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Personal Identity Information

Share URL:      Article: KB0000577 Published: 2015-06-18 Last modified: 2017-07-29


What is Personal Identity Information (PII)?


Personal Identity Information

PII stands for personal identity information, or specific kinds of information that can be used to identify you. If it’s not stored securely, and if identity thieves find it, they can get into accounts, take money, impersonate you, or impersonate someone you work with. Many bad outcomes are possible. Individuals should scan for it, then delete it or store it offline. Campus units need to take specific steps; you can read more about it on this page. Improving the protection of PII is part of the UC Davis central security initiative that began in 2012.


PII: an expanded definition

Personal Identity Information (PII) is a specific type of particularly sensitive data. It is unencrypted electronic information that includes an individual’s first name or initial, last name, and at least one of these:

  • Social Security number (SSN)
  • Driver’s license or state ID card number
  • Financial account, credit card*, or debit card number, combined with any security code, access code, password or related data, such as an account expiration date or mother’s maiden name, that could permit access to an individual’s financial account
  • Medical information
  • Health insurance information

California State Law (Civil Code 1798.29) mandates appropriate protections for PII, and requires individuals to be notified of any reasonable suspicion that the protection of their PII has been compromised. The University of California must meet these legal requirements and inform its employees about requirements and responsibilities relating to PII.

*Credit card information is also regulated by the Payment Card Industry (PCI) Data Security Standard 

How do I find it?

University-related PII is likely to be found in files and email containing the following kinds of information. (This list is not complete. Use it as a guide to locate PII you might not know about. Remember to check old and archival files and email.) 

  • Student records, including old class lists, student rosters, financial aid and grade records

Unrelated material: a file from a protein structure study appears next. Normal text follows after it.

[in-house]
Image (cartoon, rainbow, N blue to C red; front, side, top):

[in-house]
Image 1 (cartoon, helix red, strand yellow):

• Personnel- or academic-related spreadsheets, databases, and files
  • Old reimbursement forms, such as for travel expenses
  • Health, medical, or insurance records
  • Downloads from Banner/KFS, PPS, or similar campus services
  • Financial spreadsheets
  • Old applications (job or student), performance evaluations, or reference letters
  • Credit card sale records
  • Credit and collections records
  • Research proposals or databases, research grant applications, or other intellectual property (IP)
  • Data related to DMV pull notices

Examples of electronic devices on which personal or sensitive data might be stored:

  • Desktop and laptop computers
  • Servers
  • Personal or home computers used for university business
  • Smartphones and other mobile devices
  • Removable media, such as CDs/DVDs, flash drives, disks, and backup tapes

How do I protect PII?

  • First, follow the basics. Use sturdy passphrases, install software updates, don’t leave your devices untended in public, and install a timeout on your smartphone.
  • Scan your personal computers for PII.
  • Delete all PII you don’t need to keep. If you must keep it, encrypt your computer.

Am I vulnerable?

  • Anyone who uses PII as part of their work is vulnerable if they don't take steps to secure the data.

 Campus unit requirements

  • Units must scan computing systems each year to ensure their PII is protected from unauthorized access.
  • As appropriate, units may use whole-disk encryption to protect PII that must be kept on computers or portable devices; or they may remove the PII.

Where can I get help?


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